Health & Family

Autism's silent taboo

Learning your child has autism is hard for any parent – especially if you're an immigrant adjusting to a new medical culture in the U.S., while fighting prejudices back home that your child might be cursed.

Mariame Boujlil, a native of Morocco who now lives in Charlotte, struggled with that three years ago when her son Zachary, then 2, was diagnosed with autism. In Morocco, talking about autism is taboo, she said. She knew she couldn't ignore the problem like people in her home country. But she didn't trust the American approach that often calls for prescription drugs.

Immigrants and minorities in the U.S. with an autistic child can feel caught between two cultures. To help parents like herself cope, Boujlil started a support group.

The group, World Alliance for Families and Children, helps parents navigate the U.S. health care system and provides information on treatment options. It also runs a summer school geared to their needs.

Autism manifests itself with several different abnormal behaviors. Usually, it hampers personal communication skills and interaction. Doctors sometimes interpret signs of the disorder in immigrants and minorities as cultural confusion.

Boujlil says before Zachary's diagnosis, his doctor dismissed her concerns that her son didn't talk and rejected her hugs. “‘The doctor told me, ‘That's OK: You speak Arabic, French and Spanish. Your child is just confused,'” she said.

But Boujlil, 44, knew better: Before founding her organization, she had worked as an interpreter for Middle Eastern, North African and Hispanic families with autistic children, and recognized the signs.

Fighting shame and denial

Boujlil recalls a mother from the Middle East who said she didn't want anyone in the Arab community to know her child had autism. Another mother from Egypt with whom Boujlil worked told the doctor who had just diagnosed her son with autism: “We believe in God; he'll be OK.” She told the social worker her son needed rest, not the camp the social worker had suggested.

In certain immigrants' cultures, parents see autism as a hidden burden, says Roy Richard Grinker, an anthropologist at George Washington University who has researched autism in immigrants. That makes it hard for them to seek care in the U.S. “They may mistrust the medical establishment and have fears about privacy,” he said.

But often, they grow accustomed to a more open-minded mentality in the U.S., Grinker said. “Immigrant Americans are feeling more quickly empowered here,” he said. “One of the great achievements we've had in the U.S. is people are starting to talk more about autism.”

Experts say earlier diagnosis of children with autism – preferably before age 3 – often leads to better outcomes.

Help in Charlotte

Esmeralda Garcia feels more supported and informed about autism in Charlotte than she ever felt in her native Mexico. When her 6-year-old daughter, Marianea, was diagnosed four years ago in Garcia's hometown of San Luis Potosi, Garcia, 30, had never heard of autism.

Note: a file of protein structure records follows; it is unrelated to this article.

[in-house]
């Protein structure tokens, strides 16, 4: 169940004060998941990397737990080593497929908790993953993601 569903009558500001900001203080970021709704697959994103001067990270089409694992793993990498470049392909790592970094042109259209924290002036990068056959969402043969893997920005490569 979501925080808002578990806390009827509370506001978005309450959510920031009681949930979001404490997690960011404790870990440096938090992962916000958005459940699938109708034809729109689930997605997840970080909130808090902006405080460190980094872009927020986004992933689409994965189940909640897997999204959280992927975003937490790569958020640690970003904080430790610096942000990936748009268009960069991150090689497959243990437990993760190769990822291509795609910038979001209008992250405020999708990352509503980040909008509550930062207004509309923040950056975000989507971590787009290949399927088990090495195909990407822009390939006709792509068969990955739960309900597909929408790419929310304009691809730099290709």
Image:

After a year of treatments, Marianea hadn't improved. Garcia decided to move back to Charlotte, where she had emigrated with her husband some years before, so Marianea could get better health care.

Garcia saw an ad for Boujlil's group in a Spanish language newspaper and called Boujlil, who took her to the doctor and later helped enroll Marianea in school.

As Marianea played with other kids at a recent summer school party, her mother recalled the days when her daughter wouldn't talk to anyone. Medication has helped a lot, Garcia said.

Some autistic kids are hyperactive. Boujlil's son, Zachary, ran from room to room at the summer school party. He stopped to tear open a packet of Oreo cookies with his teeth and then threw the cookies on the ground.

But he has improved from the days when he would “just stare at a wall,” his mom says. Since Boujlil didn't want to put him on medications that she feared might deaden his personality, she put him on a gluten-free diet. He also went to speech therapy and will soon start behavioral therapy.

Empowering others

Zachary's progress has also improved Boujlil's life. She's in a culture where she can follow scientific developments about her son's disorder instead of just feeling victimized by its consequences, she said.

Part of her group's mission is to empower other parents.

Shirley Araya, who talks to Boujlil frequently, felt relieved to know what was wrong with her son when he was diagnosed with autism three years ago. But she was also depressed.

“We didn't even go to the supermarket, because I was so ashamed that my son would be screaming,” she said.

Araya put four locks on the doors of their family home in Statesville because Matthew kept running to the nearby lake. (Drowning is a leading cause of death among people with autism, according to studies). She put away all valuable objects because he was breaking things.

Araya, a native of Costa Rica, educated herself about autism. She realized treatment could improve his condition and she stopped trying to hide his autism from others.

That attitude made it easier for her to accept her 3-year-old daughter recently being diagnosed with autism. Araya laughed when she said her house now looks like a day care center, with instructions telling her children how to brush their teeth and flush the toilet.

“I don't care anymore that I have signs on my toilet, shower, all over my walls,” she said.